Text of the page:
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Tuesday, 3 September 2013

Vale of Rheidol Railway

In a nutshell

Gauge:       1' 11¾" 

Length:      11¾ miles

Opened:     1902


        Vale of Rheidol Railway,
        Park Avenue,
        SY23 1PG

View Narrow Gauge Railways in a larger map  


Date of visit:     30 August 2012


Key Facts

  •  The main purpose for the railway when it was built was to carry timber and lead ore from workings along the Rheidol valley to the main line railway at Aberystwyth and to shipping.
  • With a decline in industries in the valley, the railway was soon promoted as a tourist attraction to picturesque Devil's Bridge with its three bridges and waterfall
  • The railway as absorbed into Cambrian Railways in 1913 and into the Great Western in 1922
  • There were plans to use electrically powered locomotives prior to its takeover by the Cambrian Railways using hydro-electricity from the River Rheidol
  • Under the Great Western, goods services were removed and the branch to the harbour dismantled
  • The railway was closed during World War II but re-opened in 1945 and was then transferred to the ownership of the newly nationalised British Railways
  • In 1968, the railway was re-routed to its present terminus alongside the abandoned platforms of the mainline railway. The former main line engine sheds were converted for use by the VoR.
  • For a while, the VoR Railway was the only steam hauled railway under the ownership of British Rail. The locos and rolling stock were painted in BR colours.
  • The line was sold off in 1989 and is now under the ownership of Peter Rampton and the Phyllis Rampton Narrow Gauge Railway Trust
  • The railway runs from Easter through to October, with some specials being run during the winter months (eg Santa specials)
  •  The railway does not have its own catering outlet at Aberystwyth but there are a couple of places to eat on the mainline station. There is a small cafe at Devil's Bridge Station and, as the train waits there for 30 minutes, there is time for a coffee and a snack.



My Impressions

It must be around 50 years ago I last rode on the Vale of Rheidol. My impressions then were that the start of the journey was a bit ordinary but once the train started the climb up the side of the valley it got a lot more interesting. Somehow, I had forgotten just how spectacular the journey was.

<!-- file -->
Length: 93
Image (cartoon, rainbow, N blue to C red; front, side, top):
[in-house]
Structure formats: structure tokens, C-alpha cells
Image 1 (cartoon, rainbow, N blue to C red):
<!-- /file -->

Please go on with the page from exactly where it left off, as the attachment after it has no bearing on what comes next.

There was a generous sized car park at Aberystwyth beside the VoR station. What's more it is free and provides easy access to the station and also to the town. We bought our tickets but as there was around an hour before the train departed we had an opportunity to enjoy a leisurely coffee and a breakfast bun at the Wetherspoons in the main station building.

The line's Baguley/Drewry 0-6-0 diesel shunted the coaches for our train into the platform .........

....... while our loco, Swindon-built 2-6-2T No. 8 Llewellyn was being prepared .......

..... before backing on to its train.

 With a few toots on the whistle, the train steam off down the line, leaving the station yard behind.

After crossing the main road and the River Rheidol, the train passed through the suburbs and then the farmland of the lower valley, before eventually steaming into Capel Bangor. After a brief pause, we ventured forth once more.

We then started the early part of the climb towards Devil's Bridge ........

..... and entered woodland.

We paused briefly at Nantyronen to allow some walkers to disembark. As with all other stations and halts on the line, there is evidence of recent construction work - with a new platform, railings and a corrugated iron station shelter in the style of GWR buildings.